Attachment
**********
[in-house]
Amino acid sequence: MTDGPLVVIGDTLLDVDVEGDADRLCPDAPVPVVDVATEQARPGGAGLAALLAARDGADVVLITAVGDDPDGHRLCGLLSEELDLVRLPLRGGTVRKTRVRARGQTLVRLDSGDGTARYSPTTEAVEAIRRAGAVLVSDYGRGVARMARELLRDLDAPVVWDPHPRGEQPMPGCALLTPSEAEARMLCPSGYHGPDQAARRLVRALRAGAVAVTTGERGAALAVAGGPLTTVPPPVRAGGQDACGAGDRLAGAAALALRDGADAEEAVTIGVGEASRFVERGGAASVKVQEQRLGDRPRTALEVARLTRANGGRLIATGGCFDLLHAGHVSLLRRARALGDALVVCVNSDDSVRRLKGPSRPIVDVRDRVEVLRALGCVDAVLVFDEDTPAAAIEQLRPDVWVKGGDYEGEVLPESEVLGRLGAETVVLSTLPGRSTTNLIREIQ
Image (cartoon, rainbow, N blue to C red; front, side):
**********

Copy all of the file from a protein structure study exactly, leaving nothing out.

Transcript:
[in-house]
Amino acid sequence: MTDGPLVVIGDTLLDVDVEGDADRLCPDAPVPVVDVATEQARPGGAGLAALLAARDGADVVLITAVGDDPDGHRLCGLLSEELDLVRLPLRGGTVRKTRVRARGQTLVRLDSGDGTARYSPTTEAVEAIRRAGAVLVSDYGRGVARMARELLRDLDAPVVWDPHPRGEQPMPGCALLTPSEAEARMLCPSGYHGPDQAARRLVRALRAGAVAVTTGERGAALAVAGGPLTTVPPPVRAGGQDACGAGDRLAGAAALALRDGADAEEAVTIGVGEASRFVERGGAASVKVQEQRLGDRPRTALEVARLTRANGGRLIATGGCFDLLHAGHVSLLRRARALGDALVVCVNSDDSVRRLKGPSRPIVDVRDRVEVLRALGCVDAVLVFDEDTPAAAIEQLRPDVWVKGGDYEGEVLPESEVLGRLGAETVVLSTLPGRSTTNLIREIQ
Image (cartoon, rainbow, N blue to C red; front, side):